“There is no ceiling for success, with the incredible fan support, excellent facilities, talented young men and a collective desire to compete for championships,” Fritz said. “We will build a program that all Coogs can be proud of, and I cannot wait to see the results.”
Fritz has extensive experience coaching in Texas, as he worked at Sam Houston State in three separate stints, as well as in the high school ranks and as a junior college coach at Blinn.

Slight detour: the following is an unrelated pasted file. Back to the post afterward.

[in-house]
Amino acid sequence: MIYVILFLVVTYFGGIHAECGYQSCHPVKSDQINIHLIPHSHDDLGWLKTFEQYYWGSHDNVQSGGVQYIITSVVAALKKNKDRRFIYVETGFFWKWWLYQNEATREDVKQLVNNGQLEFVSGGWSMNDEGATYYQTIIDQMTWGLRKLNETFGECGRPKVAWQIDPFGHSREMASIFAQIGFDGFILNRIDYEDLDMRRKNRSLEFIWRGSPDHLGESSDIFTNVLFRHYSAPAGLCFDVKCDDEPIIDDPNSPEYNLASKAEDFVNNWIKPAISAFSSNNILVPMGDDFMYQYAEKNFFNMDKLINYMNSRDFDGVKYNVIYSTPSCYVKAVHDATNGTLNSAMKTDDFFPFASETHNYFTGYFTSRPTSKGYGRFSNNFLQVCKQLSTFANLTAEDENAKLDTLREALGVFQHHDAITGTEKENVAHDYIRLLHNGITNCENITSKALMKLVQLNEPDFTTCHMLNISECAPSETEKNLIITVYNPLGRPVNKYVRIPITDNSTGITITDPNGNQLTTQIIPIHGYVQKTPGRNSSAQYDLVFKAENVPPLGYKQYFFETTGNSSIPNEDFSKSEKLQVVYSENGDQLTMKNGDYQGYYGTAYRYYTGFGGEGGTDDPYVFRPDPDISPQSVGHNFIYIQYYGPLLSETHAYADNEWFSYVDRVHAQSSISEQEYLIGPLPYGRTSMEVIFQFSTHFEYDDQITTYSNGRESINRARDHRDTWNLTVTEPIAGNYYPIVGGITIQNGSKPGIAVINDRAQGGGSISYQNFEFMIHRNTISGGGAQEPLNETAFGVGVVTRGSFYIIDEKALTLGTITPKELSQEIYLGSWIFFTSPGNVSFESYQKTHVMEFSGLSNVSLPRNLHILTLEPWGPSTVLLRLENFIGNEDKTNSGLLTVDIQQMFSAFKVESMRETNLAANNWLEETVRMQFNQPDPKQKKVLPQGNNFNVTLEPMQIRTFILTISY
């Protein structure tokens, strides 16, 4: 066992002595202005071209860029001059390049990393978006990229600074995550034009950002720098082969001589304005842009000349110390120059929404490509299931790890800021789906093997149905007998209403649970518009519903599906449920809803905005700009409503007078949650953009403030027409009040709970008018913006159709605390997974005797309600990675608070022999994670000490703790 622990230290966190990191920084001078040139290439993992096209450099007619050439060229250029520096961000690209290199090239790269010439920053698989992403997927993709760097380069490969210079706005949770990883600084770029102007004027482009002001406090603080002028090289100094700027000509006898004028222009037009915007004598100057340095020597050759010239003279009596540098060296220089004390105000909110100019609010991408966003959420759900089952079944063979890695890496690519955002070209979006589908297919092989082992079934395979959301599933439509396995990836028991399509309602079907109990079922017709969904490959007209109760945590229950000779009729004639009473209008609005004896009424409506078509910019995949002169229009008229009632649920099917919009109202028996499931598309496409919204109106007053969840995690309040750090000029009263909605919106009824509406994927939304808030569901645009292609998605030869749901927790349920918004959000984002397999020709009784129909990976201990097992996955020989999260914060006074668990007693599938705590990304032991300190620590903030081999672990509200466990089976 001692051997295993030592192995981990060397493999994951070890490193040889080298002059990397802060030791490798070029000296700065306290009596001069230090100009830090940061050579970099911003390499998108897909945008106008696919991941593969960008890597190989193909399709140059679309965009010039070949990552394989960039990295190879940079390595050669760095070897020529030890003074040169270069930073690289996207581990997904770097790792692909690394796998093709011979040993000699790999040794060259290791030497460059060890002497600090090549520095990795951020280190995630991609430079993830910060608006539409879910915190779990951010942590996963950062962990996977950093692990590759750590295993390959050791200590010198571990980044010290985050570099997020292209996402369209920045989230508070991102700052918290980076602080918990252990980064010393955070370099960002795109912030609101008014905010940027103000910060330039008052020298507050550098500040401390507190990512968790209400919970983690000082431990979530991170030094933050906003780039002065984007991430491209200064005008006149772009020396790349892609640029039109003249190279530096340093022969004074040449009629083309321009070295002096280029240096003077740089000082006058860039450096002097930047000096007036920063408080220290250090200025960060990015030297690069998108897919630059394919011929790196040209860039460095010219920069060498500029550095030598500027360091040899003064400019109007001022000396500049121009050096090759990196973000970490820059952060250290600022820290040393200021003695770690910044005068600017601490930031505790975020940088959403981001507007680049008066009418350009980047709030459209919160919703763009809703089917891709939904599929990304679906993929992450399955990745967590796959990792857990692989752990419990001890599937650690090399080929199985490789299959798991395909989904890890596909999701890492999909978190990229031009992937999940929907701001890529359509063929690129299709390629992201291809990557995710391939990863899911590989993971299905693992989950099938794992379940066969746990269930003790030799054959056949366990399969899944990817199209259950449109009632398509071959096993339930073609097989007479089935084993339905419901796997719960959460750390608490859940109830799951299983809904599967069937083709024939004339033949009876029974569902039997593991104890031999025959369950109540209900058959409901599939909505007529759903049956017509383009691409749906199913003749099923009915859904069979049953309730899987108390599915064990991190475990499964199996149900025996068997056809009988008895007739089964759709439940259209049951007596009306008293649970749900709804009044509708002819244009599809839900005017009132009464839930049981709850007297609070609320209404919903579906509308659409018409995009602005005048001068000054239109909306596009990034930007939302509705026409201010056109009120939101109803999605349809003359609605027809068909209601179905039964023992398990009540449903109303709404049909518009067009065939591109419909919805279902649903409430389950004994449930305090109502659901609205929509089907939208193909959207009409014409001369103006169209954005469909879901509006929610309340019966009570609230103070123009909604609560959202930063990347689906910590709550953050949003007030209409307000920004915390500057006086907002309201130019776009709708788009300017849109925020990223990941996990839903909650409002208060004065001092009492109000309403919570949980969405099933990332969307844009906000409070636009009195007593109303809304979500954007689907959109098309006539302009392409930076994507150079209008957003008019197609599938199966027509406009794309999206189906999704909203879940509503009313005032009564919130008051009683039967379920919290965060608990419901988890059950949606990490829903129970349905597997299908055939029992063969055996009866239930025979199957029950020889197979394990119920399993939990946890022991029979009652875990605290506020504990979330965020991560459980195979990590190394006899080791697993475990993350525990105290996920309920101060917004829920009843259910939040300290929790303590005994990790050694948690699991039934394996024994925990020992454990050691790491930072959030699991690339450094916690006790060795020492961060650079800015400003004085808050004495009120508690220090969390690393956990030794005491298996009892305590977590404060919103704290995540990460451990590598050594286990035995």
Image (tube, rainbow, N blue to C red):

He has been a head coach since 1993 and has experienced success at every level. That includes two juco national titles at Blinn and postseason appearances at Central Missouri, Sam Houston State, Georgia Southern and Tulane.
Houston is facing a steep climb after posting a 2-7 Big 12 record in its first season in the conference, with one win coming improbably in the final seconds against West Virginia. The Cougars lost to crosstown rival Rice and dropped the final three games of the season against Cincinnati, Oklahoma State and UCF.